Conflicting evidence exists on the association between a vegetarian diet (involving no or rare meat consumption) and hypertension. In this meta-analysis, the authors included 7 controlled trials and 32 observational studies examining the association between vegetarian diets and hypertension. The 7 trials included 311 individuals with a mean age of 44.5 years. After pooling of trial results, a vegetarian diet was associated with a mean reduction in systolic blood pressure (SBP) by 4.8mmHg (95% CI 3.1 to 6.6 mmHg reduction; P<.001) and diastolic blood pressure (DBP) by 2.2 mmHg (95% CI 1.0 to 3.5 mmHg reduction; P<.001). The 32 observational studies included 21,604 individuals with a mean age of 46.6 years. After pooling results of these observational studies, a vegetarian diet was associated with lower SBP by 6.9 mmHg (95% CI 4.7 to 9.1 mmHg lower; P<.001) and lower DBP by 4.7 mmHg (95% CI 3.1 to 6.3 mmHg lower; P<.001). Meta-regression suggested that the association between vegetarian diet and BP was stronger amongst men and those with higher baseline BP.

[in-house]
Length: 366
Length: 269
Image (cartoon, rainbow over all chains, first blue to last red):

Conclusion: In this meta-analysis, a vegetarian diet was associated with lower blood pressure compared to omnivorous diet. However, observational studies used for the meta-analysis were all cross-sectional with significant heterogeneity in the patient populations. Additionally, adjustment for other lifestyle factors associated with a vegetarian diet and food composition could not be performed in this analysis.
Summarized by Steven M. Bradley and Supriya Shore
- Yokoyama Y, Nishimura K, Barnard ND, et al. Vegetarian diets and blood pressure: a meta-analysis. JAMA internal medicine. Apr 2014;174(4):577-587.